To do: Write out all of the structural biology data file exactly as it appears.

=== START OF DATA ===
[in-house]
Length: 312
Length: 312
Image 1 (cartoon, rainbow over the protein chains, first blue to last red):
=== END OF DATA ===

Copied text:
[in-house]
Length: 312
Length: 312
Image 1 (cartoon, rainbow over the protein chains, first blue to last red):